The Environmental Impact of Paper Towels
Since we've adjusted all of our cleaning products to be a little more sustainable, it's finally time to tackle our paper towel habit. I use paper towels pretty liberally when I'm cleaning and before Week 8 of my Tiny Waste Resolution, I was using them as napkins for most meals. This is going to be a tough one, but we've made it so far already. Let's ditch those paper towels!
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What is the problem with paper towels?
In one survey of 2,000 Americans, adults used an average of 145 rolls of paper towels every year. In total, Americans use an estimated 13 billion pounds of paper towels annually. And according to the EPA, tissue paper and paper towels contributed 7.58 billion pounds of MSW (Municipal Solid Waste) in 2018. Although paper towels are biodegradable, they can take a month to break down when sent to a landfill.
There is one paper towel specific statistic that I've seen on multiple websites stating that 20,000 gallons of water are required to make one ton of paper towels. However, all of them cite The Paperless Project as a source and it seams their website no longer exists. I can tell you, however, that one sheet of paper requires, on average, 3 gallons of water. So, while we don't have hard numbers on the amount of water used to produce a roll of paper towels, it is clear that all paper production requires a lot of water, which is an extremely valuable resource that we should do our best to conserve.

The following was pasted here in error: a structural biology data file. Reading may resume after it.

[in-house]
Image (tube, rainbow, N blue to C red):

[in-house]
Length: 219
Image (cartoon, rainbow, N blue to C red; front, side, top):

The Paperless Project is also cited for the number of trees used in paper towel production, 17 trees per ton. Again, since they are no longer an active source, we'll have to go another route. A few months ago, while looking at the environmental impact of toilet paper, I found an article from National Geographic stating that worldwide, 27,000 trees are cut down, every day, just for toilet paper. The average American uses 23.6 rolls of toilet every year and according to the survey mentioned above, they use roughly 145 rolls of paper towels every year. So, even if we cut that number in half, it's safe to say that a lot of trees are being cut down to supply our paper towel habit.
I want to briefly go over the negative effects of deforestation as mentioned in an article by Sciencing.com:
- Greenhouse Gas Emissions - Greenhouse gases such as methane and carbon dioxide are the leading cause of climate change. Trees release oxygen and absorb carbon dioxide... unless they are cut down.
- Soil Erosion - Roots from trees and other plants keep soil compact. When forests are removed, the soil loses it's anchor, making way for erosion and in serious cases, disastrous mudslides.
- Water Cycle Disruption - Trees soak up water from the ground which they release into the atmosphere during photosynthesis. That moisture eventually becomes rain, which goes back into the ground and our oceans. When large swaths of trees are removed, the land can become barren and dry.
- Biodiversity Losses - Deforestation alters the landscape too quickly for plants and animals to cope, so many do not survive.
What about wet wipes?
The majority of wet wipes are made with plastic resins like polyester or polypropylene. Wet wipes will not only take hundreds of years to break down in a landfill, but they are often the culprit of plumping, septic, and sewer clogs.
Can paper towels be recycled?
Paper towels are not generally accepted for recycling since the fibers are not sufficient to make new products. The cardboard tubes, however, can and should be recycled or repurposed.
Is there a more sustainable option?
Simply cutting down the amount of paper towels you use is a step in the right direction, but please read my next post for 5 Sustainable Paper Towel Alternatives. And if you opt for wet wipes on a regular basis, consider making some reusable cloth wet wipes to use instead.